Randolph Pike, 77 and silver-haired, sits shirtless in his doctor’s office. He breathes. The fresh sanitary paper spooled out over the examining bed crinkles under his frame, cutting through the sterile silence. Pike looks up at the ceiling tiles, the fluorescent lights, the air ducts. He scans the counter — jars of cotton swabs, Q-tips, tongue depressors, a plastic model of the human brain, cut into removable sections. On the wall an eye chart, a biohazardous refuse receptacle; on the back of the door, a full-length mirror. Pike’s eyes rest now upon his own reflection.
The door suddenly swings wide open. Dr. Ranieri, a gentle-faced young man in a white lab coat, stethoscope stuffed into one of its pockets, enters brusquely.
“Good morning, Mr. Pike, how are we today?”
“Excellent,” Ranieri says swiftly, scanning Pike’s chart. “I see we suffered some chest pain overnight.”
“I did. I had some chest pain overnight, yes.”
Ranieri wraps an inflatable black armband around Pike’s bicep and begins pumping. He removes stethoscope from pocket and places the buds in his ears. “Breath normally, Mr. Pike.”
Pike inhales and exhales in mannered, measured breaths, noticing the mixture of rubbing alcohol, chlorine bleach, and a waft of Ranieri’s cologne in the air.
“Blood pressure is fine, 120 over 80. Perfect, actually.”
Ranieri moves the stethoscope around to Pike’s back, stopping momentarily as he respires.
“Have you been to the mall yet?”
“No, Dr. Ranieri, I haven’t been to the mall yet,” a hint of laboured sarcasm in Pike’s voice.
“I thought we had an agreement, Mr. Pike.”
For a moment, Pike holds Ranieri’s scolding eyes before blinking.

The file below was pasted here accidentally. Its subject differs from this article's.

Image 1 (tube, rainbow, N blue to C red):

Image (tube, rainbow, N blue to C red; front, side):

“Yes, I was going to go, but my daughter-in-law, Kiva…”
“No more excuses, Mr. Pike. We talked about this. You need regular exercise after your heart episode. Nothing strenuous. We agreed that you would walk around the mall in the mornings.”
Pike climbs down from the examining bed.
“You may have been a big bad cop once upon a time, Mr. Pike, but you can’t play bad cop with your doctor,” Ranieri says, a smile breaking across his face.
“Yes sir … you young sonofabitch.” Pike salutes, putting one arm back into a shirtsleeve.
“How are Kiva and the kids?”
“Just fine. They come once a week to visit their old grandpa.”
“That’s good, Mr. Pike. So many of my patients don’t have anyone. You’re a lucky man.”
Pike’s eyes flash back at Ranieri.
Ranieri stops himself, a little embarrassed: “I just mean…”
“I know what you meant, Dr. Ranieri,” Pike says, “and you’re right,” retrieving his slacks from a chair in the corner. “But it wasn’t all just luck.”
“Of course, it wasn’t, Mr. Pike.”
“Some of that luck I could give back to the Indians, let me tell you.”
Ranieri frowns. “But you’re here now.”
“There were lots of times I almost wasn’t.”
“Maybe you should write a book.”
“What do you want me to do, write a book or walk around the mall in the mornings? I won’t do both.”
Ranieri smirks. “Let’s start with the mall. Promise me, Mr. Pike. Tomorrow?”
“Tomorrow, yes, I promise.”